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Condition: Used: Very Good
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Harriet the Spy Paperback – May 8 2001

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Product Details

  • Paperback: 320 pages
  • Publisher: Yearling; Classic ed edition (May 8 2001)
  • Language: English
  • ISBN-10: 0440416795
  • ISBN-13: 978-0440416791
  • Product Dimensions: 13.1 x 2 x 19.6 cm
  • Shipping Weight: 136 g
  • Average Customer Review: 4.4 out of 5 stars  See all reviews (51 customer reviews)
  • Amazon Bestsellers Rank: #2,948 in Books (See Top 100 in Books)

Product Description

From School Library Journal

Grade 3-5-Harriet is determined to become a famous author. In the meantime, she practices by following a regular spy route each day and writing down everything she sees in her secret notebook. Her life is turned upside down when her classmates find her notebook and read it aloud!. By Louise Fitzhugh.
Copyright 1999 Reed Business Information, Inc. --This text refers to the Audio Cassette edition.


A New York Public Library's 100 Great Children's Books 100 Years selection

"This is the book that made me want to be a writer. [Harriet] was the first fictional female character I ever came across who privileged her own truth above the expectations put on her as a little girl."  —Anna Holmes for Bookish.com

“I don’t know of a better novel about the costs and rewards of being a truth teller, nor of any book that made more readers of my generation want to become fiction writers. I love the story of Harriet so much I feel as if I lived it.” —Jonathan Franzen, author of Freedom and The Corrections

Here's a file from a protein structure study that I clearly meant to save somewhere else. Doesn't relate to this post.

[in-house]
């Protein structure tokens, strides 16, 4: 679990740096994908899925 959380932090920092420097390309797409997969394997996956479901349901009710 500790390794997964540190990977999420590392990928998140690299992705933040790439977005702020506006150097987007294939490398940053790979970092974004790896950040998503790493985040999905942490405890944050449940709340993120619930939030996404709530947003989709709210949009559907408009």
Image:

"Harriet the Spy bursts with life."—School Library Journal

"The characterizations are marvelously shrewd."—The Bulletin

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Customer Reviews

4.4 out of 5 stars

Most helpful customer reviews

1 of 1 people found the following review helpful By E. R. Bird on March 21 2004
Format: Paperback
I have a theory about "Harriet the Spy". I suspect that no adult that read this book once (and only once) as a child remembers it correctly. For example, if you had asked me, prior to rereading it, what the plot of "Harriet the Spy" was, I could have summed it up like so: Harriet the Spy is about a girl who wants to be a spy. She spies on lots of different people and writes in a notebook, but one day all her friends read the notebook and none of them like her anymore. That is the plot of "Harriet the Spy". And I would be half right. Surprising to me, I found I was forgetting much much more.
In truth, "Harriet the Spy" is about class, loss, and being true to one's own self. Harriet M. Welch (the M. was her own invention) is the daughter of rather well-to-do socialites. Raised by her nurse Ole Golly until the ripe old age of eleven, Harriet must come to terms with Ole Golly's eventual abandonment. Ole Golly marries and leaves Harriet to her own devices just as the aforementioned tragedy involving her friends and the notebook occurs. The combination of the nurse's disappearance from Harriet's life (leaving behind such oh-so helpful pieces of advice as, "Don't cry", and the like) and the subsequent hatred directed at Harriet by her former friends makes Harriet into a veritable she-devil. A willful child from the start (punishments are few and far between in the Welch family) Harriet slowly spirals downward until a helpful note from Ole Golly gives her the advice she needs to carry on.
So many things about this book appeal to kids. The realistic nature of peer interactions is one. Harriet randomly despises various kids, even before her notebook is read. After making their lives terrible, she eventually has to experience what they themselves have had to deal with.
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By A Customer on March 4 2004
Format: Paperback